I have a Dell (DELL) notebook computer that desperately needs to be left on a railroad track. It needs to go, I hate it. I want a Haswell Ultrabook. Haswell is the code name for the new (fourth generation) Intel (INTC) low power (long battery life) processor. I want it with 8GB of RAM and a 256GB Solid State Drive. It doesn't exist.
Yesterday I called Dell to see if they had a Haswell Ultrabook. Nope. I called the Microsoft (MSFT) Store; surely if there was any Haswell Ultrabook in existence the Microsoft store would know about it. They put me on hold for 15 minutes, then hung up on me. I called back, same thing, 10 minute hold. They said that HP (HPQ) had a Haswell convertible Ultrabook. It turned out to be an Ivy Bridge (third generation) Ultrabook. I called and visited Best Buy and talked to the "Experts". They weren't quite sure what I was talking about. Lenovo had nothing yet.
The Haswell processor has been shipping for about 2½ months. The problem is that the only thing that has been available to WinTel PC manufacturers is the "desktop" Haswell at 47 watts TDP or more, not exactly what I had in mind.
On the other hand I can buy an Apple (AAPL) Macbook Air with an ultra-low voltage Haswell CPU today at three pounds and 12 hour battery life. The problem with that is that my brain is too arthritic to make the change to Apple. I've tried. I love the format of the 13 inch Air, but unfortunately, I was sold a defective unit and had nothing but trouble with it. When the "geniuses" finally decided that I was right about the defective thing, I was too disgusted with the Apple arrogance to waste more of the only life I get trying to pull up my windows roots and transplant them to Mac.
So, what's going on here? It is obvious to me that the windows based PC business is in total disarray.
Dell is in a buyout fight while customers take gas. HP can't really decide whether they want to be in the PC business or not, and it shows. Maybe Lenovo survives; my odds-on favorite to prosper is Toshiba. Toshiba has a third generation Ultrabook at 2 ½ lbs, and at least they knew, for sure, that they don't have a Haswell Ultrabook yet. The retailers are, for the most part, incompetent, even at the highest (Microsoft) level. Intel has been pushing Ultrabooks for two years and now doesn't seem to support the product with the latest technology.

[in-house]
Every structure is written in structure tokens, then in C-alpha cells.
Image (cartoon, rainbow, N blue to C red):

Gartner and IHS enjoy repeating exaggerated rates of decline in the PC business and say nothing when they are repeatedly proven wrong. The actual number of Intel processors shipped during the second quarter was 5% above the number shipped in the first quarter, you would have to make the effort to scroll down to the end of the linked document to learn that. The number of Intel CPU chips shipped year-to-date 2013 is indeed down 6% from the Year-to-date numbers for 2012. So maybe tablets aren't tearing up the Intel pavement as bad as nearly all pundits would have you believe.
What I find absolutely astonishing is that PC sales aren't even much lower than the erroneous numbers published by Gartner and IHS. The PC OEMS are trying to foist the same old boat anchors on the consumer while working inventory down to nothing waiting for Intel to ship the "right stuff". And, of course, the PC retail sellers are completely clueless.
OK, it took a while to get the point of this article. That is that Apple has effectively had an exclusive on ultra-low voltage Haswells for use in their Macbook Air for, as of today, 43days. Apple reports earnings after the close today. They will include the number of Mac sold for the quarter. That number has been about four million units for the past five quarters, with only one spike to 4.9 million in the October 2012 quarter based on an upgrade to one of the non-Air Macs. I will be curious to see whether this exclusivity on low power Haswells for 20 days of the second quarter will change that four million units. The Air has to be about half of Mac sales by now. If total Mac sales are say, 4.5 million for the second quarter, I would say that the low power Haswell in the hands of a competent marketing system (Apple) has made a difference.
From there, one might project a serious recovery in the notebook PC business once the Apple exclusivity "experiment" is finished and the "good stuff" is available to the WinTel boys.
This whole thing begs the question, "Why is Intel favoring Apple with the good parts?"
- Is Intel angry at the lack of creativity on the part of the WinTel boys?
- Does Intel owe Apple something? Like maybe a payoff for ripping off the Air format and calling it Ultrabook.
- Is the Apple/Intel relationship much better than anyone has dared speculate?
- Has Intel learned that competent arrogance (Apple) trumps friendly ignorance (PC selling network)?
The bottom line is that Apple is getting the low power Haswells and the WinTel guys are not. It does say that Intel can build the low power parts and when they give them to the rest of the world we will likely see a surge in PC sales.
In the meantime, I want my Haswell Ultrabook!